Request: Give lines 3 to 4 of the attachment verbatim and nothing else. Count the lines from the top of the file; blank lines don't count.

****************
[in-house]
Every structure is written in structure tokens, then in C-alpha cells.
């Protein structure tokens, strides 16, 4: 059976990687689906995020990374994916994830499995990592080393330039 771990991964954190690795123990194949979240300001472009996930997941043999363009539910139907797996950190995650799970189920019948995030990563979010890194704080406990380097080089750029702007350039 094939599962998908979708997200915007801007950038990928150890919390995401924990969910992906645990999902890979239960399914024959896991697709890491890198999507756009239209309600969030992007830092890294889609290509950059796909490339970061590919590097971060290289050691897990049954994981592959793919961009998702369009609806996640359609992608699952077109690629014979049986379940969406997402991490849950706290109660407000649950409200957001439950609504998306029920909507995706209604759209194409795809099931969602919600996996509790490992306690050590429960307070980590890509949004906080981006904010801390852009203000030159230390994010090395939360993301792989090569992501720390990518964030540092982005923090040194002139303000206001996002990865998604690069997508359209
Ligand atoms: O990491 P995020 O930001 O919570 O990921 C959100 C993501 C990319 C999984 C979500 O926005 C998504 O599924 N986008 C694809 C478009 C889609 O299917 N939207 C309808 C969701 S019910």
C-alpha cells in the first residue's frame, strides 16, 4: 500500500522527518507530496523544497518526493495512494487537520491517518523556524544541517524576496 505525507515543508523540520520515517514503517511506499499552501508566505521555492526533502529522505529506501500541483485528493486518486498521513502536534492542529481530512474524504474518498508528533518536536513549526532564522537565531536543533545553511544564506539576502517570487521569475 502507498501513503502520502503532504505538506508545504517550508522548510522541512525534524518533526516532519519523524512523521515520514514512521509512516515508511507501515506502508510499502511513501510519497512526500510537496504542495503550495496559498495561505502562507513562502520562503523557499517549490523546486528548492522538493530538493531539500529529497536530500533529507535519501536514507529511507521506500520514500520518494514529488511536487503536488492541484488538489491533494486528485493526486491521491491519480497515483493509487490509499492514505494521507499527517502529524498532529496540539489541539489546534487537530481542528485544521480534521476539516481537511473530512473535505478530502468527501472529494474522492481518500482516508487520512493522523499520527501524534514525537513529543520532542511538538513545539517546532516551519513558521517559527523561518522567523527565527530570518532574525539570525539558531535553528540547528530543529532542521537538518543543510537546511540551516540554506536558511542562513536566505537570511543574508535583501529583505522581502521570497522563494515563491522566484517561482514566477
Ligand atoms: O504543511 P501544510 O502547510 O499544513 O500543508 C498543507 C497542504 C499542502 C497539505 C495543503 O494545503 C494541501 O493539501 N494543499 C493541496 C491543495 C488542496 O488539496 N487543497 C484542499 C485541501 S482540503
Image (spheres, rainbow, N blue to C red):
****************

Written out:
């Protein structure tokens, strides 16, 4: 059976990687689906995020990374994916994830499995990592080393330039 771990991964954190690795123990194949979240300001472009996930997941043999363009539910139907797996950190995650799970189920019948995030990563979010890194704080406990380097080089750029702007350039 094939599962998908979708997200915007801007950038990928150890919390995401924990969910992906645990999902890979239960399914024959896991697709890491890198999507756009239209309600969030992007830092890294889609290509950059796909490339970061590919590097971060290289050691897990049954994981592959793919961009998702369009609806996640359609992608699952077109690629014979049986379940969406997402991490849950706290109660407000649950409200957001439950609504998306029920909507995706209604759209194409795809099931969602919600996996509790490992306690050590429960307070980590890509949004906080981006904010801390852009203000030159230390994010090395939360993301792989090569992501720390990518964030540092982005923090040194002139303000206001996002990865998604690069997508359209
Ligand atoms: O990491 P995020 O930001 O919570 O990921 C959100 C993501 C990319 C999984 C979500 O926005 C998504 O599924 N986008 C694809 C478009 C889609 O299917 N939207 C309808 C969701 S019910």